Taylor High School’s lone guidance counselor spent her Thursday helping teens at the school solve problems and prepare for their futures.
“I talked to some kids about personal issues getting in the way of them concentrating in class,” Heather Baltz said.
She helped one student fill out a college application. She helped another create a graduation plan.
Friday she visited Chrysler to try to set up an advanced manufacturing internship for her students.
Soon she will have to get ready for the PSATs that she administers. Then it will be time for the holidays and time for her to organize a canned food drive so the district’s pantry doesn’t run dry for families in need.
“There’s never a down time,” she said. “But it’s OK. Once you see a difference you make in a kid’s life … that’s what you do it for.”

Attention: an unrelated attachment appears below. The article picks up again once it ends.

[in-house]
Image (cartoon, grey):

Others are saying it’s not OK. They say the state’s school guidance counselors need some help.
According to the Indiana Youth Institute, the state’s students-to-counselor ratio is one of the worst in the country.
The average school counselor in Indiana serves 539 students — the eighth worst ratio in America.
Those statistics don’t even surprise Baltz.
“I believe it,” she said. “It’s kind of ridiculous.”
And those few counselors are being stretched thin.
According to College Board, counselors also are assigned additional duties such as administrative paper work, the coordination of testing and other clerical tasks that “pull counselors from the college and career-going activities they are uniquely suited to provide their students.”
This lack of personal attention has consequences, Indiana Youth Institute CEO Bill Stanczykiewicz said. In a research review conducted for the state’s new Indiana Career Council, the Indiana Business Research Center reported, “K-12 students receive little career guidance, so they’re unsure which courses and programs to pursue.”